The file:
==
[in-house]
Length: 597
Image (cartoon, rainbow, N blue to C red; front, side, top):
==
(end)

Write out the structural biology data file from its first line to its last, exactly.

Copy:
[in-house]
Length: 597
Image (cartoon, rainbow, N blue to C red; front, side, top):